Again, this is a very awkward question... I am not exactly sure what to say! It can be also said that you can get string from two different companies with different widths, yet they can both tie knots...

If you are just curious, I would download Vlite so you can take out components and just have a play to see how small you can make Windows.

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Yeah, but Ubuntu also includes things like OpenOffice.org, whereas Windows comes with, well, nothing. –  Rich Bradshaw Oct 4 '09 at 20:22
    
Open office isn't to big, I think about 300MB installed... No excuses - I left that out of the above.... I was trying to do a more general comparison of the differences without getting in to specific applications. –  William Hilsum Oct 4 '09 at 20:29
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the question isn't awkward, it's trollish ("capable of much less", "doesn't offer nearly as much functionality", "poor space management") and best be closed or ignored. –  Molly7244 Oct 4 '09 at 20:31
    
IMHO, the question is fine. The formulation could be improved, but it's true - you need to install a lot of stuff before it's of any use. This may be subjective, nonetheless -- at least for me -- it's true. –  maaartinus Feb 6 '11 at 1:17

Windows has a lot more graphical config and admin tools than the average Linux distribution, which adds to the bulk. Linux is catching up in that respect, but still has a lot less in this area than Windows.

Another area of extra bulk comes from the fact that Window keeps a second copy of many key files, so that it can restore them if they get corrupted.

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"Windows has a lot more graphical config…. Linux is catching up in that respect." You say that like it's a good thing, Andy. ;) –  wfaulk Oct 4 '09 at 21:30
    
A GUI isn't necessarily a larger binary than a console application. Also the dllcache directory was eliminated in Vista. –  Joey Oct 4 '09 at 22:18
    
I don't know how you can say that. Assume two programs that have the same features; one is CLI, the other GUI. There is a lot of shared code between them: the parts that do the actual work. So throw that out. Now all you're left with is UI code. Your argument is that GUI code is more compact that CLI code? That said, yeah, if the CLI utility is, for example, find and the GUI utility is that crud that Windows uses to find a file, that has a quarter of the features, maybe so. –  wfaulk Oct 4 '09 at 23:05
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@wfaulk: Your comment is saddening, and will make the Year of Linux be delayed even further. Lack of decent UI will prevent Linux from reaching out to real people. Well do Not complain if Linux is still way behind Apple! Beat Apple, then you can beat Microsoft. –  thenonhacker Oct 5 '09 at 4:21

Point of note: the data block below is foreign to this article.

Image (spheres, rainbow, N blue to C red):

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GUI config apps are extremely useful for some things. For example configuring the vhost under apache can be very painful if you don't know your way around the config files. In comparison on Windows it is much easier. However I am a big fan of all config ending up in human readable text files, even if it is editted with a GUI tool. At least Windows is now getting that right as well in some areas (like the web.config file for example). And no Bitt, I wasn't making a value judgement ;) –  andynormancx Oct 5 '09 at 7:04

Linux and other Unix operating systems are better designed architectural wise and disk size is an issue. Windows developers on the other hand concentrate more on the plug n play nature of Windows not to forget backward compatibility and hence so many legacy code, device drivers which gobble up so much real estate. And as the system gets older and more programs/features are installed/removed it's disk usage gets bigger & bigger.

One primary reason for such huge space allocation specially in Windows Vista and 7 editions is the C:\Windows\winsxs folder. It takes up most of the space in the windows folder. Read more about winsxs here.

If you want to reduce the size of winsxs, there is a tool called winsxslite. But use it at your own risk.

Space requirement was never such a serious issue with the Windows makers, given the ever expanding hard drives. It only recently became a concern because of solid state drives and people buying netbooks.

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(a) I'd put a [citation needed] sticker on your claim of Linux/UNIX being better designed. Both operating system families were designed with different goals and if you look at only the kernel you won't find much backwards compatibility and unclean APIs. If you take userspace into account, then you also need to count many Linux things (b) All system DLLs are hardlinks into WinSxS, greatly skewing the perception of size there. Yes, starting with Vista, the folder is very large in size, but at the same time, most of the Windows directory gets linked back there, creating no additional size cost. –  Joey Oct 4 '09 at 22:16